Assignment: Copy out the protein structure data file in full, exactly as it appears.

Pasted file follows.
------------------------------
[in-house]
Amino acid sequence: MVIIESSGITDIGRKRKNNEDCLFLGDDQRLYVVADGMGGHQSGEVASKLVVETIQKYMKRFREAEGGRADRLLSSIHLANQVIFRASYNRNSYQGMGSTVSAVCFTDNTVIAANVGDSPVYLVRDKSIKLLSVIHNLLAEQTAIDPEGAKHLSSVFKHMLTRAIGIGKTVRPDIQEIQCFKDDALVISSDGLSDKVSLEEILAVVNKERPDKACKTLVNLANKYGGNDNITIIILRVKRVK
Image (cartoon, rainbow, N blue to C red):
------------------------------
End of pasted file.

[in-house]
Amino acid sequence: MVIIESSGITDIGRKRKNNEDCLFLGDDQRLYVVADGMGGHQSGEVASKLVVETIQKYMKRFREAEGGRADRLLSSIHLANQVIFRASYNRNSYQGMGSTVSAVCFTDNTVIAANVGDSPVYLVRDKSIKLLSVIHNLLAEQTAIDPEGAKHLSSVFKHMLTRAIGIGKTVRPDIQEIQCFKDDALVISSDGLSDKVSLEEILAVVNKERPDKACKTLVNLANKYGGNDNITIIILRVKRVK
Image (cartoon, rainbow, N blue to C red):